|Categories||Fungi, Habitats, Plants|
|Date||4 Jul 2016|
The caterpillar mushroom (Ophiocordyceps sinensis) is an endemic species of high altitude ecosystems. It is one of the world’s highly paid medicinal herbs which plays a significant role in the local and national economy. Annually, thousands of people from different parts of Nepal travel to high altitude areas of Dolpa for mushrooms harvesting which has resulted in threats to it, which ended with the decline of its production over the years. The lure of easy money has resulted in the unsustainable harvesting of the species which has led to a sharp decline in its production and also the movement of people has possessed a high threat to fragile high altitude ecosystem.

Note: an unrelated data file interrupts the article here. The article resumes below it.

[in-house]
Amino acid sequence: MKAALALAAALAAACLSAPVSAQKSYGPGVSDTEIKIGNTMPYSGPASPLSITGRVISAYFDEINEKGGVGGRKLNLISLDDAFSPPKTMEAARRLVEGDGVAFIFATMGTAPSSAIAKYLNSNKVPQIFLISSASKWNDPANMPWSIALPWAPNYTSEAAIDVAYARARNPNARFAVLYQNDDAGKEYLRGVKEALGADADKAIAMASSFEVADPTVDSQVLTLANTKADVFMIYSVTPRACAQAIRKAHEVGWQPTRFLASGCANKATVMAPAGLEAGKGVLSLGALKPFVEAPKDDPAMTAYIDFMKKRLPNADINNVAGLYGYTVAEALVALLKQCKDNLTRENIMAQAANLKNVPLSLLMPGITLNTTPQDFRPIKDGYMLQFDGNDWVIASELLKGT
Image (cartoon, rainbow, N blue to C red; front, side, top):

Sustainable management of this valuable product has a direct link with the livelihoods of local people of mountain districts. Shrestha and Bawa (2013) reported that high trade has direct impacts on the population of Cordyceps, but no studies have been done on the effects of ecological and economic impacts of Cordyceps collection at the local level. In Dolpa region of Nepal, it is necessary to understand the economic and ecological impacts of harvesting to ensure sustainable production of Cordyceps. This study will document the ecological and socio-economic impacts to high altitude ecosystems and livelihoods through practices of Cordyceps collectors. It will investigate and model the impact of Cordyceps collection on the high-altitude ecology as well as socio-economics of the local population. Furthermore, this study will examine the Cordyceps collection and management practices at the local level, trade route and community-based management approaches as well as traditional and indigenous management practices.
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